Job generation plummeted 21% between January-December 15
Bangalore: Job generation during 2012 saw a 21 percent decline across various sectors of the economy between January and mid-December, according to an ASSOCHAM analysis.
"A total of over 5.3 lakh jobs were generated during the aforesaid period across India i.E. Over 2.8 lakh jobs in first half of the year and over 2.4 lakh jobs during July-December 15,", says a study titled ‘Job Trends Across India in 2012’ released by the industry body Associated Chambers of Commerce and Industry of India (ASSOCHAM).
Information technology (IT) topped the group with over 2.1 lakh jobs generated in the sector between January-December 15, 2012 across the country as compared to the same period of last year.
Academics and education ranked second with over 34,500 jobs generated in the sector followed by insurance (over 27,100 jobs) and banking (24,500).
The ASSOCHAM Research Bureau (ARB) sourced its inputs primarily from data tracked on a daily basis for vacancies posted by about 4,000 companies via job portals like timesjobs.Com, naukri.Com, monster.Com and shine.Com and advertisements offering job opportunities published in national and regional newspapers for about 56 cities and 32 sectors.
"Delhi and National Capital Region (NCR) topped with over 1.1 lakh jobs generated between January 1-December 15, 2012 followed by Mumbai (over 77,000 jobs), Bangalore (over 75,000 jobs) and Chennai (over 44,000 jobs). The least number of jobs were generated in Kolkata (over 25,000 jobs) amid the top five metro centres," said D S Rawat, secretary general of ASSOCHAM while releasing the findings of the chamber's analysis.
Other prominent job generation sectors included automobile (22,890), financial services (22,500), manufacturing (20,400), engineering (18,650), hospitality (16,100) and IT hardware (15,600).
Interestingly, only academics and education sector registered an upward spiralling job generation growth of over 16 percent in the first six months of the current year.
Job generation growth dipped by over 10-50 percent in the remaining sectors during this period.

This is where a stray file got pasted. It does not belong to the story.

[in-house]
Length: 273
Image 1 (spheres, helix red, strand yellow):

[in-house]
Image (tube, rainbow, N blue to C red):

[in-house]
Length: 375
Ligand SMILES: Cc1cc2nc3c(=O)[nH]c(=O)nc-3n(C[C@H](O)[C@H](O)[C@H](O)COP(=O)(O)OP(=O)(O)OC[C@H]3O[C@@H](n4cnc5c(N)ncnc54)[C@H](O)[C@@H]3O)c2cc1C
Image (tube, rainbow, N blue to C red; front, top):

According to the ASSOCHAM analysis, aviation sector registered a job generation growth rate of over 78 percent in the later half till December 15, 2012 followed by sports (41 percent) and retail (six percent). Rest of the sectors registered a dip in job generation ranging over one to 46 percent during this period.
In Delhi, telecom sector generated maximum employment opportunities with over 53,000 jobs followed by IT (over 11,000 jobs), hospitality, manufacturing, architecture, infrastructure, textile, banking, real estate and gems and jewellery.
The job generation growth in the first half of the current year was the highest in Bangalore as the city generated about 41,500 jobs between January-June 2012 as against 8,600 jobs that were generated in the last six months of 2011 thereby registering a growth of over 381 percent.
Mumbai (259 percent), Hyderabad (114 percent), Ahmedabad (93 percent), Chennai (81 percent), Jaipur (33 percent), Lucknow (12 percent) and Coimbatore (six percent) were other cities that registered growth in job generation during the first half of the year.
While, the job generation declined in most of the cities in the later half of the on-going year, Kochi registered highest job generation growth of over 30 percent during the period. The number of jobs in the city increased from over 1,500 in January-June this year to over 2,000 between July- December 15.
Agra (14 percent), Ajmer (12 percent), Udaipur (10 percent), Kota (seven percent), Kanpur (five percent), Vellore (five percent) and Jalandhar (four percent) were other cities that registered upward spiralling growth in job generation during the second half of the year.
Employment generation growth rate in India declined by about 15 percent between July-December 15 as against a decline of over 25 percent during the first six months of the year, said Rawat.
"This change is presumably due to slew of positive steps taken by the government during this period," he added.